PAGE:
On Gender & Violence

Women on the GangesAfter an Indian girl was gang raped and murdered on a bus in Delhi last month, a plethora of articles about gender violence in India have emerged, flooding the pages of major American newspapers with horror stories about violent discrimination, rape, and murder, and the police’s complicity in these violent crimes. These stories are, no doubt, terrifying, tragic, and terrible. My heart goes out to the women who are forced to live their lives behind veils of fear, who can’t go to work or school because they will be raped and tortured, who have no chance of living dignified lives because they live in fear, and that fear is absolutely justified by their experiences. I’ll never forget the three times in my life when I have truly felt violated by the gaze of a man, felt in close proximity to physical danger because of the way that someone else’s eyes were staring or someone else’s footsteps were following. I have only experienced this on three occasions, I can’t imagine what it would be like to live in a place where that is the daily reality, where women experience this type of gaze — or worse — many more than three times before they even arrive at work.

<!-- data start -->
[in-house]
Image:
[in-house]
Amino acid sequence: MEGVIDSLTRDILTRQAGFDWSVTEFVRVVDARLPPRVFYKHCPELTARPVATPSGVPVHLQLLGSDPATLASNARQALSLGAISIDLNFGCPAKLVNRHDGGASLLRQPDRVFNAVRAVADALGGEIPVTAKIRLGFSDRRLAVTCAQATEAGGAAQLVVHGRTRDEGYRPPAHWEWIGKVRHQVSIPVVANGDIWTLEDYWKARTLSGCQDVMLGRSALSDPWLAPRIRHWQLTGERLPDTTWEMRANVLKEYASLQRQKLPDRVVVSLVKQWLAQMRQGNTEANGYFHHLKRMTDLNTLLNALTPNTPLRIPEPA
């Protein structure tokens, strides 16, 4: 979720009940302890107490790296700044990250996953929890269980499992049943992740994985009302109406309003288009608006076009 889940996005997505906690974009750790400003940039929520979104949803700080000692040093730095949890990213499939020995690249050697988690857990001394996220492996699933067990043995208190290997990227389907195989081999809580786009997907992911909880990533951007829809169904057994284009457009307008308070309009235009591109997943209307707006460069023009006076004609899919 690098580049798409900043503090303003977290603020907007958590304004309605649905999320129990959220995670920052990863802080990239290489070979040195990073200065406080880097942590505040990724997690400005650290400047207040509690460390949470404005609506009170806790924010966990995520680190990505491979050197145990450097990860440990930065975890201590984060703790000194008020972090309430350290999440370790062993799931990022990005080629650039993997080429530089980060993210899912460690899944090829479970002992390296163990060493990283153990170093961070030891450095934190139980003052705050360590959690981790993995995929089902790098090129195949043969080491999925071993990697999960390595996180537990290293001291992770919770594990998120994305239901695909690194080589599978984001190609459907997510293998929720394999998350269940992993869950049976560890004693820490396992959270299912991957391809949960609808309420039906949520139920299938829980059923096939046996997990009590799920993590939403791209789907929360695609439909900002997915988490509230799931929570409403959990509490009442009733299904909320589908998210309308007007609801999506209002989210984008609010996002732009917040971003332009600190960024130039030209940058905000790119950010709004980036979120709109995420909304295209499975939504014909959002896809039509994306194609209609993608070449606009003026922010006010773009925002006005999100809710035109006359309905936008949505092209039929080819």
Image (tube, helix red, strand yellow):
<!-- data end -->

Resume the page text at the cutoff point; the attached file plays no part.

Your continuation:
But in my experience, Americans have a tendency to look abroad as a way of ignoring our problems at home. Colonialism and imperialism have always profited from the delegitimization of foreign cultures when we claim that foreign cultures don’t treat their women as well as we do. We’re so quick to label others as sexist, racist, or classist, yet we tend to deny the existence of sexism, racism, and classism in our own culture.